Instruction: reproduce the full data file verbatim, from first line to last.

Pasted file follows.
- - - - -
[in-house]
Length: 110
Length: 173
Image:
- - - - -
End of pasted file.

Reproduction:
[in-house]
Length: 110
Length: 173
Image: